A complete blood count test is a blood test that doctors perform to assess the overall health of a patient and diagnose various disorders, states Mayo Clinic. Such disorders include anemia, leukemia and infections.
A doctor can do a complete blood count test as a routine screening, as a follow-up test to monitor particular treatments or to asses the patient based on symptoms, according to MedicineNet. For instance, whereas a low red blood cell count indicates anemia, a high white blood cell count implies a body infection or a bone marrow infection.
Performing a complete blood count test involves testing a sample of blood taken directly from a patient, explains MedicineNet. To obtain a blood sample, a doctor wipes clean the patient's skin with an alcohol pad, inserts a needle into a visible vein through the cleaned skin and then pulls the blood into the syringe. The doctor then takes the sample to a laboratory for analysis.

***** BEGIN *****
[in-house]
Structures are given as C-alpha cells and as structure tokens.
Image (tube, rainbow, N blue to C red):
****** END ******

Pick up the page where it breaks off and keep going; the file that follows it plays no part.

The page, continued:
A complete blood count test involves values such as white blood cell count, white blood cell differential count and red cell count, notes MedicineNet. Other values include, hemoglobin, mean corpuscular volume, mean corpuscular hemoglobin, hematocrit, red cell distribution, mean corpuscular hemoglobin concentration width and platelet count.